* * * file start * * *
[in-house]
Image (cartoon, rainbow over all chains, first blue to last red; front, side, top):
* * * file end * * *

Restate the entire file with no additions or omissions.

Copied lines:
[in-house]
Image (cartoon, rainbow over all chains, first blue to last red; front, side, top):